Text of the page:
Parent company Timberland ignores disaster Bangladesh | RetailDetail

Parent company Timberland ignores disaster Bangladesh

Parent company Timberland ignores disaster Bangladesh

Almost a month after the deadly disaster in a textile factory in Bangladesh, the clothing giants are trying to get back to business. While most of them have taken lessons from the disaster, others are stubborn and refuse to change. Among them the parent company of brands such as Timberland, Wrangler and North Face.

VF remains active in factory with cracks

The American clothing giant VF still continues to use clothes from a factory in Bengal Gazipur, that has some serious problems with safety. Those problems have earlier caused Walmart to stop all cooperation with the “Liz Apparels” factory, after a thorough inspection that showed cracks in the walls and a below par fire safety were present in the factory.

 

"We are in daily contact with the facility and VF's leadership is closely monitoring the status in this facility and others in our Bangladesh supply chain," the company said in a statement to Reuters. VF insists the building has been approved for “normal operation. The cracks that developed here are not really dangerous, not dangerous for the structure.” The owner – obviously – confirms that analysis.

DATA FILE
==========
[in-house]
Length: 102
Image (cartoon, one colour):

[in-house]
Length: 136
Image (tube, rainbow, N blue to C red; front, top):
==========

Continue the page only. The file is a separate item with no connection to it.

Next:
The decision of the American clothing giant raises questions from many people, certainly after what happened a month ago in Dhaka. There an eight-storey Rana Plaza factory collapsed, two days after an inspection showed big cracks in the walls. The owner then also said the building was structurally fine. The heavy toll: over a thousand deaths.

 

H&M rethinks production strategy

The actions of VF Corporation are in contrast with those of dozens of large chains, who recently signed the “Clean Clothes”-charter. One of them, Swedish Hennes & Mauritz, has already acknowledged it has “to rethink [its strategy] because it is terrible, what is happening in the country.” In an interview with the Financial times CEO Karl-Johan Persson says it is well possible H&M will move part of its production to Mexico, Brazil or even Africa.

 

This reaction however also has commercial reasons: “When that part of the world is growing, which it is, it becomes even more interesting to look at production in South America or Central America. So, we are exploring that opportunity. We are looking at Africa as well.”

 

Persson does not give Bangladesh the boot completely: if local suppliers are willing to follow the code of conduct of H&M, “we are willing to stay and we will reward the partners that are working best with these issues”. At the same time the CEO of H&M asks the government of Bangladesh to raise the minimum wage of 38 dollar per month (about 30 euro) and to adjust it annually. The last increase dates from 2010. 

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